On Tuesday 27 November 2001 14:50, Seth Burgess wrote:
> Allow me to correct some impressions...
> Very little has happened recently in the way of scripts or filters; saying
> that gimp developers concentrate on that is ridiculous.
Sorry, my bad. Jargon problem it seems. In Gimp, scripts and filters are Perl
and Scheme programs that do things to the image via the Gimp API, which is
not really what I meant. I'm no Gimp expert, but what I meant was the whole
"drawing engine" part, ie memory management, brush strokes, layers, etc.
Attached to it are the scripts and filters, and on top of that is the GUI,
> I think you seriously overestimate the amount of developers working on it.
> The few that do make regular contributions are more than swamped with their
> ambitious primary goal of making it cleaner and easier to hack. (Look
> through the ChangeLog for the past 12 months - only Mitch and Sven are at
> all regular contributors).
Okay, so I misjudged the state of development Gimp is in. I remember trying
to find out some time ago how hard it would be to contribute things to Gimp,
but I gave up pretty soon. In another thread Rebecca Walter suggested
creating a TODO for developers that want to help. I'd like to suggest they
make a HOWTODO, because even if you want to help, you have this 15MB pile of
source in front of you and not much of an idea of where to start. Some time
ago I read the documentation that comes with GEGL, which is quite a lot of
code too with a weird pseudo-language as an added bonus, but it's much easier
to understand the structure of the code if you have a nice doc that explains
> Also, the fact is that the codebase has really outgrown the developer power
> to support it; it needs cleaning and restructuring so a developer can go
> in, see a sane structure in place, and change what needs to be changed
> easily. This is extremely dull work (for me anyway) and we're lucky we
> have a couple guys that love the program enough to put the huge amount of
> time into fixing it.
Amen. This wasn't an attempt to put down Sven, Mitch or any of the other
developers. I'm a computer science student and I can certainly appreciate the
amount of work that's being put into Gimp. What I didn't realize was that
Gimp isn't at all ready for new, user-oriented features at the moment.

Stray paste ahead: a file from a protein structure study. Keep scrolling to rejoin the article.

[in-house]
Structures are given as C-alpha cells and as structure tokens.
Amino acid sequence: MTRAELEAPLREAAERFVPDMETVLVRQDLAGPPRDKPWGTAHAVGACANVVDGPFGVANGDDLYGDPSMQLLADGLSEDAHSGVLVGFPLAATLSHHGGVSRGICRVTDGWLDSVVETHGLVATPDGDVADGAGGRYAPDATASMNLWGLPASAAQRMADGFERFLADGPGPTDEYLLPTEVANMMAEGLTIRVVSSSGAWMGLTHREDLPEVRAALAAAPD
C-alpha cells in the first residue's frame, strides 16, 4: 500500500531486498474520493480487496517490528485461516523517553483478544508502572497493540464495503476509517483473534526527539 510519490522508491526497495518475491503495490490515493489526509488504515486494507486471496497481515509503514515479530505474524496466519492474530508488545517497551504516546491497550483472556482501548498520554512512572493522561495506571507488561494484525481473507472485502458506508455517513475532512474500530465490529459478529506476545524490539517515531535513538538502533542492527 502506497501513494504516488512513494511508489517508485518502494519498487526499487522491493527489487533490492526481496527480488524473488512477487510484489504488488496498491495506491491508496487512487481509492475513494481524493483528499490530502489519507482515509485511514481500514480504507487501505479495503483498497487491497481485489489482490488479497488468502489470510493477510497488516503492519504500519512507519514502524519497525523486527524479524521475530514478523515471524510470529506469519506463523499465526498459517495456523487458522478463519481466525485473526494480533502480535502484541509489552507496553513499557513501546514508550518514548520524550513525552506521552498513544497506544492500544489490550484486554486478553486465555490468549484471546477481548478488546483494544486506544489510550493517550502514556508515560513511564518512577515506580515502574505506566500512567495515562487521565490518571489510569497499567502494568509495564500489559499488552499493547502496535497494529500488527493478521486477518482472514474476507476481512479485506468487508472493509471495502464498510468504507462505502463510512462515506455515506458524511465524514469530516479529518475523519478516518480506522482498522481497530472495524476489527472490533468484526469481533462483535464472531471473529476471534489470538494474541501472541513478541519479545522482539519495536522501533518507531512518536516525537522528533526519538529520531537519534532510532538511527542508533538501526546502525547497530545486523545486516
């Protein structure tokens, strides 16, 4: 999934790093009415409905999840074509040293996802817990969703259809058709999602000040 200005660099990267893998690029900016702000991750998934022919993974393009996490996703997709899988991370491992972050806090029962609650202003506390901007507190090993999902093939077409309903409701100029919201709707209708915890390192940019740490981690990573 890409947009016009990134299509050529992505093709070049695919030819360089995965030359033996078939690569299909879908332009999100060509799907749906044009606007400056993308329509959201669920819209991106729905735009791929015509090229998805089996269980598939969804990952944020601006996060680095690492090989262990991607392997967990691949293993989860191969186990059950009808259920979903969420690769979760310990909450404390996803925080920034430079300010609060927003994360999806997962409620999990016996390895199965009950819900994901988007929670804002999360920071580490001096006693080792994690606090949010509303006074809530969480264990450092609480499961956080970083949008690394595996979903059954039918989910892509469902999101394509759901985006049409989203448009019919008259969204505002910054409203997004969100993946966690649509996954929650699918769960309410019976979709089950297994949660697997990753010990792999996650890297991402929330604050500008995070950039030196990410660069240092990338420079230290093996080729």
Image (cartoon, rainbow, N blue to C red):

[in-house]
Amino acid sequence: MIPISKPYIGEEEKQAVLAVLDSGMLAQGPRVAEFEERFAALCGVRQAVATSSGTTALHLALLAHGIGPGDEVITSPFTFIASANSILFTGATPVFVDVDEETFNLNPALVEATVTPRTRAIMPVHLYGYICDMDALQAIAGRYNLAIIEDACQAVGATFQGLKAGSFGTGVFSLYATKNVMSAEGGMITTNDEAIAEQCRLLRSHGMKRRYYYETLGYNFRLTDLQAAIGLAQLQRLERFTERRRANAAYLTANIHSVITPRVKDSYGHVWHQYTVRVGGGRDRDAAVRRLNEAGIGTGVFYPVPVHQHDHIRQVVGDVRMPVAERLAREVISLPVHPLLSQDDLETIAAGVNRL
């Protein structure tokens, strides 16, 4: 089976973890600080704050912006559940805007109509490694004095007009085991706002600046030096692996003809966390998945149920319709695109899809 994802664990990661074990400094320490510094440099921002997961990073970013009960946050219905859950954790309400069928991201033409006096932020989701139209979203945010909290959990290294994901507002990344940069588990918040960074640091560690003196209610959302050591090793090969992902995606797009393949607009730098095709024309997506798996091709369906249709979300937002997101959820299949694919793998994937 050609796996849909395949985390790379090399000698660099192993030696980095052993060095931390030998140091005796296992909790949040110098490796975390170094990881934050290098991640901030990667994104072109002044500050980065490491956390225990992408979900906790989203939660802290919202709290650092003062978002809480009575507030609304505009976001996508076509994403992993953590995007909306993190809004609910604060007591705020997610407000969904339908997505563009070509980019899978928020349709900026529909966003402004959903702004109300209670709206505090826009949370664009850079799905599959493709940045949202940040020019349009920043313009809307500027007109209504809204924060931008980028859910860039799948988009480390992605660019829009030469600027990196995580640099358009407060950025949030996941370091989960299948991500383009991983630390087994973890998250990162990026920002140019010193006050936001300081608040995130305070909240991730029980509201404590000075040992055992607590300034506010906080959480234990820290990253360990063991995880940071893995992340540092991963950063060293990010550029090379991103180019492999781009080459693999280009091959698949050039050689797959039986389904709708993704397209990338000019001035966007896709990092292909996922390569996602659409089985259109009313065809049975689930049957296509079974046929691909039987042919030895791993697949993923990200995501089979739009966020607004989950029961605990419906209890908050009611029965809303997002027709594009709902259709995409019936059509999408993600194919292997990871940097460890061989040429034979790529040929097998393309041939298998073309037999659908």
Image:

> When they do get around to making user-centered choices, they tend to do a
> good job IMHO. But they are few, and thier task is large - its not all
> thats on their plate.
> > And that the maintainers won't accept contributions that don't help
> > the users in some way.
> Most of the work being done right now doesn't help the user one little bit,
> but should help developers make it easier to help users in the future.
> Putting a restriction like this in place would result in complete
> stagnation of the tree simply because nobody has the time to learn all the
> stuff needed to go in and hack right now. It makes difficult tasks
You're right, this is nonsense.
> Some things won't happen for a while. For example, take CMYK support (or
> other colorspace support for that matter). To do this successfully
> requires an internal representation thats different throughout. A lot of
> work has been done towards this goal (changing spots to use GimpColor, or
> separating out colorspace operations from the UI for instance), but a lot
> remains as well. The idea is to hopefully get it into 2.0. At our current
> release cycle, thats probably 5 years out.
Well if you use GEGL for 2.0 it shouldn't be hard as GEGL has been designed
from the start with different colourspaces in mind. I like GEGL quite a lot
actually, apart from the "we don't need no C++" thing which I understand but
disagree with. However, that discussion is closed, and let's keep it that way.
<snip - better fonts are coming up>
> I think the current regular developers (both of them) as well as the
> occasional contributors are all doing great things for the program. They
> find time to respond to most feature requests submitted through gnome
> bugzilla. If you have specific, well thought out ways of progressing gimp
> along without radical change to everything, please do submit your feature
> request. Things do get implemented this way, and coders do pay attention.
I have a few things in the back of my head (layer trees, a 4x4 matrix for
every layer to encode transformations, etc.) but I think those are better
suited for GEGL an Gimp 2.0.
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